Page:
The scope and purpose of the scheduling conference (which can now also be conducted by a retired judge) has been expanded to cover gray areas between purely procedural and substantive disputes. For example, whereas the scheduling conference was previously intended for tidying up purely administrative matters, now it’s also meant to cover more contentious disputes, including arguments about procedural bars to the appeal, mootness, and lack of preservation. The scheduling conference is also now the proper place to address topics previously reserved for the settlement conference, including limiting the issues; presenting disagreements to the Court in a preliminary motion rather than through appellate briefing; relying on a joint statement of the case rather than a record extract; submitting a consolidated brief for multiple appellants (along with any necessary deadline adjustments); bypassing the Court of Special Appeals and filing a petition for certiorari with the Court of Appeals; expediting or delaying proceedings; or dismissing the appeal entirely. Likewise, the revised Rule 17-403 keeps the prehearing conference more limited to settlement of substantive matters, rather than the blend of procedural and substantive issues formerly covered by a settlement conference.
Things are also slightly different in how the Court implements agreements that might come out of a scheduling conference. In the earlier version of the rules, the judge conducting the conference would enter an order reflecting any agreements reached between the parties, requiring additional conferences, or remanding the case. Going forward, the procedure will largely align with that used for resolution achieved after mediation or a pretrial conference: The parties (or the scheduling hearing judge) will file a proposed order and the chief judge signs it, rejects it, or sends it back with proposed changes (though he can’t prevent a party from ultimately maintaining or dismissing the appeal). If the parties don’t accept the changes, the appeal proceeds as if there had been no agreement at all.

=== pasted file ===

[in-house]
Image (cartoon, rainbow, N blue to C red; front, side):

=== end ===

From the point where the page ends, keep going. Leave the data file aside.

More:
In all, the new rules only nominally create additional opportunities for resolution of cases through appellate ADR. The overall effect of the adjustments, however, is to clarify the purposes and uses of the various procedures and implement them in a targeted and more efficient manner. That suggests the Court is invested in the ADR program and looking to grow it in an integrated and comprehensive way.
Silverman Thompson Slutkin & White, LLC is well suited to handle any appellate matter in Maryland. Joe Murphy was Chief Judge of the Court of Special Appeals and a Judge on the Court of Appeals before retiring and joining the Firm and Chris Mincher clerked for Judge Robert McDonald on the Court of Appeals. If we can assist you with an appellate matter, please call (410) 385-2225 and ask to speak with either Joe or Chris.